Monthly Archives: December 2011

A Defining Moment – Redefined

My blog posting from yesterday (December 29/2011) has an error in it.  The letter regarding the proposed definition change for Ontario eggs was sent to graders, not producers.  At this point, I’m not sure if the letter went to all graders.  It would appear that only some of the graders received the notice.  Wonder how that works?  Regardless, I’m sorry for the error, but having the error pointed out begs even more questions.  What is the real role of EFO?  Does EFO staff work for the grading stations too?  Who pays EFO salaries?  Is it the graders or the producers?  What about the taxpayer-funded staff that are involved at Foodland Ontario?  How many people have to get paid to arrive at the definition of Ontario eggs?  Is that question like, ‘How many people does it take to screw in a light bulb?’

Based on my knowledge of the egg industry and after having reviewed the Foodland Ontario website, it would appear that there are eggs being marketed under the Foodland Ontario logo that don’t meet the current definition.  Can anyone say fraud?  So now that the current egg industry lawsuit has EFO and the graders front and centre, maybe it’s time for them to protect their back sides.  That would explain this sudden interest in the definition of ‘Ontario eggs’.  Wonder what the new Ontario Agriculture Minister has to say about all this?  I’ve got nothing but time – guess it’s letter-writing time.  Where’s my roll of stamps?


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A Defining Moment for Ontario Eggs

Looks like Egg Farmers of Ontario (EFO) think they’re Noah Webster, author of the Webster dictionary.  That’s right – they get to define the term ‘Ontario eggs’.  Seems rather self-explanatory to me but here’s the current definition:

‘Ontario eggs must be laid on egg farms in Ontario’

The EFO Director of Public Affairs is proposing the following new definition:

‘More than 90% of fresh shelled eggs must be sourced from Ontario egg farms.  Up to                         10% of fresh shelled eggs can be sourced from outside Ontario.’

Why is there a need for a new definition?  Though it’s not explained in the letter to Ontario egg producers (Surprise! Surprise!), could it have anything to do with the fact that changes in supply management are right around the corner?  Is someone reading between the lines as a result of Canada’s desire to participate in the Trans-Pacific Trade Talks?

Egg producers were notified of this proposal in a letter in early December.  Also included in this letter is a sentence telling egg producers where to send comments or feedback for this definition proposal.  I couldn’t believe my eyes!  I thought I was experiencing Aspartame overdose!  The management staff of EFO is actually ASKING the producers for feedback!  Wow!  Talk about a Christmas miracle!  Now the real question is whether the producers will actually ask questions about the need for a new definition and what it means for the industry.  Maybe it’s time to re-define EFO?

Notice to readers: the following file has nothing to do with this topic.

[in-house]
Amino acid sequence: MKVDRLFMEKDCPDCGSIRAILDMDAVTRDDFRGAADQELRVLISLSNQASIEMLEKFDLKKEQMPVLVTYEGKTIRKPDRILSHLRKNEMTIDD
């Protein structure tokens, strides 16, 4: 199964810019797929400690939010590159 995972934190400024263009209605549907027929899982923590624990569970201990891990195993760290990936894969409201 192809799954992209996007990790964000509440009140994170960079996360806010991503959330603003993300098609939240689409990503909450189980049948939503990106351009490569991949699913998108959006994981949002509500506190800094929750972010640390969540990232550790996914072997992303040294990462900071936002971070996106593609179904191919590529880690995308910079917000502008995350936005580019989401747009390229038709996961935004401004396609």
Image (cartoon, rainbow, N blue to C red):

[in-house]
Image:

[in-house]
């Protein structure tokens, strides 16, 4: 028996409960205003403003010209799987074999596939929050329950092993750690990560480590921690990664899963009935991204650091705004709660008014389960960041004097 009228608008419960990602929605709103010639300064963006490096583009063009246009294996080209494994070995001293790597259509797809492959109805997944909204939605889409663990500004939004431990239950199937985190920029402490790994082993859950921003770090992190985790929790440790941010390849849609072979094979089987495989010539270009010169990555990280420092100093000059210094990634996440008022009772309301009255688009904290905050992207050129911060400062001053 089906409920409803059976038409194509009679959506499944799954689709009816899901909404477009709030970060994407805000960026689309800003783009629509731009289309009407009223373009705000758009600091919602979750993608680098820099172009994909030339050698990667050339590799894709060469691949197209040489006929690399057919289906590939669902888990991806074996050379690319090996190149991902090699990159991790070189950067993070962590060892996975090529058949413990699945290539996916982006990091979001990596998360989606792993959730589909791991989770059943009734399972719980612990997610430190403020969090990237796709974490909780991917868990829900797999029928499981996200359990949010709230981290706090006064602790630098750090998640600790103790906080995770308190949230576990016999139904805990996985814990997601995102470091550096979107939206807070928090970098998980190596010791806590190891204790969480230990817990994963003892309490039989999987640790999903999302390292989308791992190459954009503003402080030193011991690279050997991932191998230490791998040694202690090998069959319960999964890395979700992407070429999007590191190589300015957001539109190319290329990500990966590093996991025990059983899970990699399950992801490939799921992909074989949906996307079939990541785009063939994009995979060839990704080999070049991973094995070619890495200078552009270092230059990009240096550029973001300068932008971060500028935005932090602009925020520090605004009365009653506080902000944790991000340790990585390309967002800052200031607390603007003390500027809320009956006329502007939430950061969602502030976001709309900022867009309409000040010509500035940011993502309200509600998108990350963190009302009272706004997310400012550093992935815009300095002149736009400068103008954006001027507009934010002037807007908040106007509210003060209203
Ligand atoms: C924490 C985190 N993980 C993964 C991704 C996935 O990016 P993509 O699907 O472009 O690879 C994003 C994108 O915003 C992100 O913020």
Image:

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Is Chicken Manure Good or Bad?

An Ontario egg producer shared the notice that is shown in the posting below.  (Letter from EFO – Is there More to Come?) What strikes me as different in this notice is that EFO does not see the current status of trade talks as ‘business as usual’.  In previous circumstances, EFO has merely told producers not to worry, write your MP and/or MPP and continue to produce eggs.  EFO didn’t do that this time.  They sent out the notice below which doesn’t really tell the WHOLE story.  I’ll follow up with that in future postings.  But what really got my attention is Mr. Pelissero’s obvious frustration/anger when he predicts what the federal government’s response to a potentially successful Pacific Rim trade agreement as “we tried our best, but in the best interest of the Canadian economy, we had no choice”.  Mr. Pelissero is a former politician.  One can only assume that he knows how these ‘things’ work so is he predicting the future?  Mr. Pelissero goes on and says that if this type of government response does occur, his response would be “CHICKEN MANURE!!!”  (As a side note, does Mr. Pelissero know all the agricultural benefits of chicken manure?  Does this mean that Mr. Pelissero thinks the talks are beneficial?)  Notice that Mr. Pelissero uses all capital letters, along with three exclamation marks – I did not add them.  He really must be frustrated – and scared maybe?  Is the writing on the wall?